Mourne Mountains

January - Slievenaglogh

Slievenaglogh stands at 586m high and is located close to Newcastle and Castlewellan. A steep climb from the Hares Gap to the summit rewards the climber with incredible views over Slieve Bearnagh, Slieve Meelmore and Ben Crom Reservoir.

February - Bloody Bridge

This is probably one of the best known landmarks in south Sown and is located approximately three miles south of Newcastle on the Kilkeel Road. The area surrounding the bridge is beautiful, is extremely popular with walkers and backpackers and is an excellent location for bouldering. The name refers to a massacre at the site at the time of the 1641 rebellion.

March - Silent Valley

Ringed by the Mourne Mountains the Silent Valley is located in the Mourne Area of Outstanding Natural Beauty. The reservoir finished in 1933 is the main water supply source for most of Co.Down and a large part of Belfast. It is a popular visitor attraction for hill walkers and site-seeing with around 50,000 visitors per year.

April - Hen Mountain

This peak standing at 354m forms part of the Mourne Mountain granite range. Hen Mountain along with Pigeon Rock Mountain and Cock Mountain are all peaks popular will hill walkers and rock climbers alike.

May - Bryansford

Bryansford is a small village in Co.Down situated on the northern side of Tollymore Forest Park halfway between Newcastle and Castlewellan. Tollymore Forest park covers 630 hectares and featured in season 1 of the Game Of Thrones. Kilcoo Parish Church in Bryansford was built by the Annesley family in 1712.

June - Slieve Bearnagh

Slieve Bernagh standing at 739 m high, is one of the most distinctive mountains in the Mournes and is renowned for the granite tors on its summit. The Mourne Wall crosses the summit of Slieve Bernagh east to west.

July - Slieve Meelmore Summit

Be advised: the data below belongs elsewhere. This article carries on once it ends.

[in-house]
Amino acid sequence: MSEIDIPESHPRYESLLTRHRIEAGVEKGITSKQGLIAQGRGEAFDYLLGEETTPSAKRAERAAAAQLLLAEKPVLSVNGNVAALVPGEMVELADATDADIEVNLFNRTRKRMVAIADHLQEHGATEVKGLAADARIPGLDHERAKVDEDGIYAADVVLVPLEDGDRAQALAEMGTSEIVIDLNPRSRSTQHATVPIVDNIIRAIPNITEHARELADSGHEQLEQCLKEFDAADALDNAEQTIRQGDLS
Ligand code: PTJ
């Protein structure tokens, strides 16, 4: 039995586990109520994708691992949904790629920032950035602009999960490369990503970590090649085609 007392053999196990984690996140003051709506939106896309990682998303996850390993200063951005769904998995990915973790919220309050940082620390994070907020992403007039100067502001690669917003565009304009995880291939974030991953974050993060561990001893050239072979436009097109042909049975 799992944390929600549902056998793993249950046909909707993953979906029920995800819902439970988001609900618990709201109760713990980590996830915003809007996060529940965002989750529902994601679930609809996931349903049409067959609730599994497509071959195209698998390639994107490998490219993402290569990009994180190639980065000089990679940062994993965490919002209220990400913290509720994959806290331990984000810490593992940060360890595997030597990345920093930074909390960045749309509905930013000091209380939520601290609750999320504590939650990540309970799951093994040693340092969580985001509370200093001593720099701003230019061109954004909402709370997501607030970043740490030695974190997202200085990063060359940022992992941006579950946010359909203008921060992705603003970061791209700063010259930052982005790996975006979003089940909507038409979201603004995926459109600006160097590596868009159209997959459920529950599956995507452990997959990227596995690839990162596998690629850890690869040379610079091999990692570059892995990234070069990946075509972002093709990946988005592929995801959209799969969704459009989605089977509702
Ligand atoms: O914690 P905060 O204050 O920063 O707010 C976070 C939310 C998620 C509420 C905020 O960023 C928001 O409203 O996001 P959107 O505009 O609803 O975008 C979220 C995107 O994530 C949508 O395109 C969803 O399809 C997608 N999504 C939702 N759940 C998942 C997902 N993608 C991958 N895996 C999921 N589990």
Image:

Derived from Irish and translating to “The Big Bare Mountain”, Slieve Meelmore reaches 682m on which the Mourne Wall leads to the summit. At the summit, a tower can be found which was probably built to give shelter to the workmen who constructed the wall itself.

August - Tollymore Forest Park

Covering an area of almost 630 hectares at the foot of the Mourne Mountains, Tollymore Forest Park offers stunning views of nearby Newcastle. The Shimna rivers flows through the park, with 16 bridges, the earliest dating back to 1726, this is a popular spawning ground for trout and salmon . It also featured as the” Haunted Forest” from the popular TV Series of Game of Thrones.

September - Cloughmore Stone

Locally known as the “Big Stone”, this is a huge boulder weighing approx 50 tonne, it is located about 1000 feet above the village of Rostrevor on the slopes of Slieve Martin at the highest point on the Cloughmore Trail. Legend has it that the giant Fionn Mac Cumhaill threw it from the opposite side of Carlingford Lough at a rival giant. In reality, the stone was deposited by retreating ice during the last ice age approx. 10,000 years ago.

October - St. Jonh's Lighthouse

Located on the northern tip of Dundrum Bay close to Killough, St Johns Point Lighthouse has been in operation since 1844. It was designed by George Halpin and is decorated with vibrant bands of black and yellow. Reaching 40 metres high, the lighthouse has been fully automated since 1981. St Johns Point was also the site of one of the earliest Christian churches in Ireland.

November - Mourne Cottage

An iconic cottage in the heart of the Mournes, it featured in the popular TV show “Game of Thrones” In this photograph, the sun is setting with the mountains in the background, creating a unique shadow over the cottage. This cottage would have been typical of a traditional farmers dwelling during the 19th and early 20th century.

December - Slieve Lough Shannagh


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